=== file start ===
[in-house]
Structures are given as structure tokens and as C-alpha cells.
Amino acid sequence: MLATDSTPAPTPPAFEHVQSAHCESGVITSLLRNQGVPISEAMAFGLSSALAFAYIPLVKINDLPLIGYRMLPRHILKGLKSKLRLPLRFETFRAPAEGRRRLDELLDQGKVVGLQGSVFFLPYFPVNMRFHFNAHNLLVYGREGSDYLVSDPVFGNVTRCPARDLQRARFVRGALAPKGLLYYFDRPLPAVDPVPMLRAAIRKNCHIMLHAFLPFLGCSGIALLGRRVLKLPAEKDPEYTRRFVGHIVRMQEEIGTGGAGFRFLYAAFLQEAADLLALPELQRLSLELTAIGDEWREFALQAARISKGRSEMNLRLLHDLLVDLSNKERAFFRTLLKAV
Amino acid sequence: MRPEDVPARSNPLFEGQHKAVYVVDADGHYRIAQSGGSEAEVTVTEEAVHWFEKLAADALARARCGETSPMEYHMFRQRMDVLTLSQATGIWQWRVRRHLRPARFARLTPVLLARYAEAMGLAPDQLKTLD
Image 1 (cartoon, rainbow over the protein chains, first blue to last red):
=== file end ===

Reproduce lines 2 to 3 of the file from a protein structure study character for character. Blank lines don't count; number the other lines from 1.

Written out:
Structures are given as structure tokens and as C-alpha cells.
Amino acid sequence: MLATDSTPAPTPPAFEHVQSAHCESGVITSLLRNQGVPISEAMAFGLSSALAFAYIPLVKINDLPLIGYRMLPRHILKGLKSKLRLPLRFETFRAPAEGRRRLDELLDQGKVVGLQGSVFFLPYFPVNMRFHFNAHNLLVYGREGSDYLVSDPVFGNVTRCPARDLQRARFVRGALAPKGLLYYFDRPLPAVDPVPMLRAAIRKNCHIMLHAFLPFLGCSGIALLGRRVLKLPAEKDPEYTRRFVGHIVRMQEEIGTGGAGFRFLYAAFLQEAADLLALPELQRLSLELTAIGDEWREFALQAARISKGRSEMNLRLLHDLLVDLSNKERAFFRTLLKAV